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When Bankrate (Nasdaq: RATE ) got taken private two years ago, no one was more bummed than I. For months, I'd backed the stock as a great way to play consumers' desire for independent personal finance info, a trend that helped make Morningstar (Nasdaq: MORN ) a star, gave rise to Jim Cramer and TheStreet.com (NYSE: TST ) , and even fueled The Motley Fool's fires.
As evidence of the company's popularity, in 2009, the year of its takeover, Bankrate generated $37 million worth of free cash flow from its business of distributing credit card offers, mortgage rates, and other financial data on its site. At the $571 million takeout price, the company's private equity buyers got themselves a sweetheart deal, paying just 15.4 times FCF to own one of the best pieces of real estate on the Web.
Friday, they sold it back to us, reIPO'ing Bankrate at $15 a share. I probably should be cheering at getting a second chance to own it -- but I'm not.
Why not? Because today's Bankrate is barely a shadow of its former self. Two years after private equity took Bankrate in-house to "improve" the business, Bankrate's now generating just $8 million in annual free cash flow. Its market cap, according to Capital IQ, looks bloated at $1.5 billion. Worst of all, this formerly cash-rich company returns to us laden with nearly $300 million in long-term debt, $117 million of which is to be retired with proceeds from the re-IPO. I fear that so much debt will hamstring Bankrate's ability to compete effectively against much better funded rivals such as News Corp. (NYSE: NWSA ) and Google (Nasdaq: GOOG ) .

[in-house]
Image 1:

Granted, management promises to produce pretty dramatic improvements in free cash flow "on a go-forward basis." If this happens, such free cash can be used to pay down the debt. For the time being, however, I'm looking at a stock that costs three times what it cost just two years ago, yet generates less free cash flow. And no, I'm not impressed.
Editor's Note: A previous version of this article referenced $245 million in preferred equity, which is being converted to common stock in accordance with the IPO. The article has been updated to reflect IPO-related changes to the company’s debt condition and to offer management’s free cash flow outlook.